doctorow — 2014-01-28T01:01:54-05:00 — #1
danegeld — 2014-01-28T04:45:22-05:00 — #2
Generally under UK law an employer must give a weeks notice for each year worked up to twelve weeks notice. Likewise a worker is entitled to have a written contact of employment even if they work on a casual basis for more than a year. So if someone has been volunteering for many years I'd be surprised if it could be lawful for Bletchley park to just close the door on them and tell them to leave on the spot. I wonder how a 'wrongful dismissal / unfair dismissal' claim would play out in the case where the volunteer is not paid a salary but still works for the organisation. My guess is the volunteers could sue for their unpaid wages which should be at least the UK minimum, and for their unfair and wrongful dismissal, and that they would win at a tribunal automatically. They should explore if that is possible, if only to teach the management at Bletchley park some manners.
jpgsawyer — 2014-01-28T04:58:48-05:00 — #3
I finally managed to get to Bletchley late last year and found the place to be a confusing mess with no one really giving you any idea what was there or wasn't. Okay they are volunteers but it was clear even then that the management didn't want people finding their way to the computing museum as there where any signs or clear indications of what was there. It was literally here is you ticket have fun if you can find it.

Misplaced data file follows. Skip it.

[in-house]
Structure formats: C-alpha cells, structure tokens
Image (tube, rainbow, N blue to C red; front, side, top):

It was a truly weird experience. I want to go back to make sure I get into the museum of computing just to annoy the Bletchley trust.
weissadam — 2014-01-28T05:14:19-05:00 — #4
What a shame. A few years ago I was lucky enough to visit Bletchley back when Tony Sale was still alive. I was very much inspired by the throngs of retired British telephone engineers that would gather to discuss, tinker and rebuild old equipment. I do wonder if Tony Sale's passing has anything to do with this... I got the sense that he really was an important figure in maintaining the geeky side of things and that there was definitely a delineation between the geeky side and the classical British World War II historical site side...
kimmo — 2014-01-28T05:17:35-05:00 — #5
I thought this comment in the other thread was potentially the most astute observation there...
prentiz — 2014-01-28T08:24:59-05:00 — #6
Danegeld - unfortunately, in this case, employment rights don't apply to volunteers.
m1dlguk — 2014-01-29T06:34:18-05:00 — #7
Bletchley park are on a path to destruction. They have been fed for years by supporters and free labour in the form of volunteers, some who worked at Bletchley park during WWII and others who have extensive knowledge of Bletchley park having worked there for years etc. They also have had a long term income from rent paid by people selling WWII memorabilia or artifacts, others just showing life in BP/WWII. Some of the best displays of life in WWII I have seen have been from BP independent museums. They have suddenly come into this ill gotten windfall and how have drifted from the original plan. The management have become dictator like and seem to think that they can monopolise the site by copying the different independent shops/mini-museums, and push the old ones out. They also kicked out the local radio club whose input from the very beginning will be impossible for them to replace or replicate, in order to allow the RSGB to show their propaganda material. No way to promote radio to the next generation, nor is it a good image to demonstrate to Joe Public.
All I see now is some generic business with no personality driven by the same commercial greed and attitude that has killed many previous museums and educational sites. In 20 years it will be a block of flats after all, and the war between the government and the people of Bletchley park will have been won after all, by the government.
doctorow — 2014-02-02T01:04:36-05:00 — #8
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